When making music with iOS devices, sometimes you just need to go outside the proverbial box(or tablet…I digress). Most iOS musicians(as many of us have adopted the term) can produce complete tracks inside of the iPad without ever needing to use external synths or devices, save the occasional audio input interface. What about those who would like to perform live? The iPad has proven to be a viable live tool, at least in my experience, and as long as developers are pushing the envelope in their app designs and flexibility, will continue to prove their worth live.
I personally have used several synth apps that have been paired with a MIDI controller. I would use this rig in conjunction with my Yamaha MO8, allowing me to play multiple parts live. Eventually, with a second iPad and controller, I was able to leave my 88 key monstrosity home and just use the two smaller rigs, thanks to apps like Korg’s iM1.
So what about those who prefer to perform using sequences and hardware? With the advent and release of pocket synths such as the Korg’s Volca series and Roland’s Boutique series, hardware synths are going portable, eschewing keys and keeping things simple. They bring the musician quality sounds at a very affordable price point. What’s more, These devices are MIDI compatible, allowing the musicians to drive them via MIDI contollers or even dedicated sequences.
To me, the idea of taking portable, battery powered devices and an iPad to perform a live gig is genius, as it would take virtually no time to set up. All you need is a small mixer, and a house PA and you’re good to go.
Now, if you’re familiar with using your iPad to drive MIDI to external devices, you probably are asking, ” How can you drive more than one device from an iPad?” Well, a MIDI splitter is in order, but the most common problem faced is bus power. Bus power is needed to make most portable MIDI splitters work. The iPad is not powerful enough to run enough power out to most devices of this nature and while there are units out there that can be run on a separate power supply, it kind of takes away from the whole idea of being self contained.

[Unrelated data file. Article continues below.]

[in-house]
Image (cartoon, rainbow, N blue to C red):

Enter the MIDI Splitter from Amptone Lab.
As per a recommendation from Jakob Haq at thesoundtestroom.com, I purchased one and was really happy with this device. MIDI Splitter is a 1 in 4 out MIDI thru port that features battery power as well as wall power(adapter not included). This device allows the user to send MIDI messages out of the iPad, via CCK or Lightning to USB connector, into the MIDI Splitter, then out to up to four MIDI IN devices. The 9 Volt battery option will make up for the lack of bus power and keep things portable.
The video that follows is my unboxing of this device and in future videos, I’ll be showing how I have the device hooked up to the Korg Volca devices.
If you are living in the US, expect a three week delivery time, as these items are shipped from Poland. Believe me, they are well worth the wait.